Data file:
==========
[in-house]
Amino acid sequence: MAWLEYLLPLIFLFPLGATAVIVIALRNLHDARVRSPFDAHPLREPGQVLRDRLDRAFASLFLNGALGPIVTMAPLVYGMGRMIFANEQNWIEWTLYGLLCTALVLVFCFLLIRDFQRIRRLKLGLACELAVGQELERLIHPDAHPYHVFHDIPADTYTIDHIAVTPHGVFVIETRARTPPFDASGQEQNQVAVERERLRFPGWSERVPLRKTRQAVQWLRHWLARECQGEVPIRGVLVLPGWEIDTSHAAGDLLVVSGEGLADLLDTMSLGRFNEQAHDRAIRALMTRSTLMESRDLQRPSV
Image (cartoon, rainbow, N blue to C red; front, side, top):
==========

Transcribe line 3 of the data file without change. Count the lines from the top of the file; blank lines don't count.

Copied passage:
Image (cartoon, rainbow, N blue to C red; front, side, top):